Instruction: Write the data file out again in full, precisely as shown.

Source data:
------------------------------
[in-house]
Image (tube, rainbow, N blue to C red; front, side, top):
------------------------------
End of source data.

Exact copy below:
[in-house]
Image (tube, rainbow, N blue to C red; front, side, top):